Iceland is certainly a place full of enigmatic charm. A mountainous island with only one city, the capital Reykjavik, you’d be forgiven for thinking it a destination for nature lovers; the perfect place for soul searching some might say! Situated somewhere in the north Atlantic Ocean between Europe and North America, it often surprises people to learn that it has been more closely aligned with Europe than Canada and the US. And this geographical dichotomy is one which is mirrored in the Icelandic landscape.
Such is the desolateness of much of the country’s landscape—most of Iceland is composed of Fjords and volcanic craters—that the majority of the island’s population is to be found in and around the capital. This makes it a concentrated tourist hub in comparison to the serene backdrop of the rest of the country, and as a result Reykjavik is fast becoming an alternative clubbing destination to those found on islands across the Mediterranean.
You’ll also find a sharp divide between the prices you pay for certain commodities back home opposed to their cost on the island—buying alcohol in Iceland, for example, proves extremely expensive compared to back in the UK or in the USA. It can also be a costly business in relation to your mobile phone bill, where some network providers regard the country as a separate entity, belonging neither to Europe nor North America. Iceland is, however, included on the Vodafone Passport deal, which allows you to make calls in over 35 European countries for a connection charge of 75p before normal UK rates apply. What’s more they’ve introduced a deal where customers can now pay for mobile internet by the day, which is convenient if you’re in some-out-of-the-way part of Iceland and need to check your emails or the likes—again Vodafone’s recognition of Iceland as European will save you up to £10 on the daily internet cost. Visit their online shop for more on roaming, mobile broadband, and all the latest handsets, including the HTC.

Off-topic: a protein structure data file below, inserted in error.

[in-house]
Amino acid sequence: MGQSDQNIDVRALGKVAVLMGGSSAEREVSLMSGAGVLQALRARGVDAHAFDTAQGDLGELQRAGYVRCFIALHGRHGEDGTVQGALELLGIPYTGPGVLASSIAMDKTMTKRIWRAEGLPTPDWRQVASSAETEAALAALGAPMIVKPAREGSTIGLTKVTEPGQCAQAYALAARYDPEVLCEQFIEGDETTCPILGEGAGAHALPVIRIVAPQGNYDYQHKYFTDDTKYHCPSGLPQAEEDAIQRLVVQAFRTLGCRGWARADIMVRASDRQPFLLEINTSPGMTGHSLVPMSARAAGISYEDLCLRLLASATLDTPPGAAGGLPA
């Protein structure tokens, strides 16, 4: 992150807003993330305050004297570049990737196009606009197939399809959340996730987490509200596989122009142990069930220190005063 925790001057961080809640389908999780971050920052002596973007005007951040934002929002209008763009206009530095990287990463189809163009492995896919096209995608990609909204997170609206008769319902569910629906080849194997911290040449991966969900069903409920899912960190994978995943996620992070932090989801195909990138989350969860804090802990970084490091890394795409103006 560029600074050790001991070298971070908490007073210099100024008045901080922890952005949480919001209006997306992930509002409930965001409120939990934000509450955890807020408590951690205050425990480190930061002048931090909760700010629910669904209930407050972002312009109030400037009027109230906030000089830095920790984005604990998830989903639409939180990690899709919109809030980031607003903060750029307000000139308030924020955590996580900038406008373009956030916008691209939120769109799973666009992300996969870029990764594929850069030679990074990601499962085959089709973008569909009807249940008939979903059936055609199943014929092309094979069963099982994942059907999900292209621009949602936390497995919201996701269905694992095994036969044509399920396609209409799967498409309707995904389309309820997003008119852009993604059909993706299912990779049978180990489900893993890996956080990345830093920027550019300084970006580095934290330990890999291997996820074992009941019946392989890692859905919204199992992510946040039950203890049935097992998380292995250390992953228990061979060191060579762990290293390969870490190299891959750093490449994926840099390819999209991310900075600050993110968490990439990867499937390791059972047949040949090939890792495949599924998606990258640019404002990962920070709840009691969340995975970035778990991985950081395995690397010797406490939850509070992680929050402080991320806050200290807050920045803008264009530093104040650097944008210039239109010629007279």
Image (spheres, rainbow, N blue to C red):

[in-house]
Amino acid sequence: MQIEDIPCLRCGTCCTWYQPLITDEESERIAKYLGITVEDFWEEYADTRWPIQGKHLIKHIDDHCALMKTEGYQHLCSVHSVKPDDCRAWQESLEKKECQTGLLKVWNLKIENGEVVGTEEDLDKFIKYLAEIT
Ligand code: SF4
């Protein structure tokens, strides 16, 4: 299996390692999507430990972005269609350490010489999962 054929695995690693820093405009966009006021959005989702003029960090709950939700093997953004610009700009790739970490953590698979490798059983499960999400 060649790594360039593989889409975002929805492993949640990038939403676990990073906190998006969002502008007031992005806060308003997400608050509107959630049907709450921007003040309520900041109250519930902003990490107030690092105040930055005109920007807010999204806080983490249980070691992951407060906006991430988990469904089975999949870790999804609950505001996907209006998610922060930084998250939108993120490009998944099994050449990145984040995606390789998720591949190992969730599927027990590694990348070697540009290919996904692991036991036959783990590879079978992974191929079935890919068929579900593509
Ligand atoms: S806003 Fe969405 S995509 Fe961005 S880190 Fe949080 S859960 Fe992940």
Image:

As mentioned above, Reykjavik is becoming a bit of a rave haven but if it’s not your sole intention to go flat-out clubbing and you’d actually like to see a bit more of what Iceland has to offer outside of the capital, then your best bet would probably be to hire a car—maybe you’d fancy a spot of whale watching or perhaps a trip to Gullfos (‘The Golden Falls’), with a car you can get to these out of the way locations. Although renting a car in Iceland does appear quite expensive, you have to bear in mind that all of the sites of interest you’ll be visiting will be free—something which you rarely find in the majority of European countries. You also need to consider that fuel stations are very sparse on the island and can be hundreds of miles apart, another reason why mobile phones are crucial to take with you, so keep your petrol topped up carefully and don’t run the risk of running out of fuel.